Anti-traveller injunctions potentially in breach of human rights

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Anti-traveller injunctions potentially in breach of human rights

Appeal judges have criticised the use of borough-wide injunctions aimed at preventing gypsy and traveller communities from stopping on public land.

Bromley Council brought a challenge against a High Court refusal to grant them an injunction that would have banned setting up camp and occupying the vast majority of public spaces. Similar injunctions have been granted numerous times to various local authorities, including Harlow and Kingston upon Thames. In total there are 38 such injunctions in place nationwide.

Bromley argued that the injunction was necessary due to an alleged increase in ‘incursions’ by gypsy and traveller communities in 2018. However the courts rejected that there was evidence to support that claim.

Upholding the refusal, the Court of Appeal found that borough-wide injunctions are ‘inherently problematic’ and that they potentially breach both the European Convention on Human Rights and the Equality Act 2010. The Court further recognised the right of gypsies and travellers to move from one place to another.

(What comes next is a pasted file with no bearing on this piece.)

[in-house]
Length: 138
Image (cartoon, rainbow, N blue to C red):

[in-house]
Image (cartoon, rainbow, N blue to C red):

The judgment also provided guidance to local authorities considering seeking similar wide-reaching injunctions. It emphasised the need to provide evidence of suitable alternative housing or transit sites, and the importance of properly engaging with the gypsy and traveller community.

London Gypsies and Travellers (LGT), an organisation supporting the rights of those communities in London, intervened in the case. Their chief executive Debby Kennett said: ‘The judgment sets a high standard for councils seeking injunctions and stresses the need to put in place adequate and safe provision. We are keen to work with councils to explore alternatives to evictions and injunctions, such as negotiated stopping.’

Marc Willers QC, who represented LGT in the appeal, commented: ‘Very importantly, the Court of Appeal has stated in this judgment that an injunction which prevents gypsies and travellers from stopping at all in a defined part of the UK comprises a potential breach of both the European Convention on Human Rights and the Equality Act. Given that finding, it is difficult to see how the government can possibly justify its proposal, which is currently out to consultation, to criminalise trespass.’


You can read more about the case here and here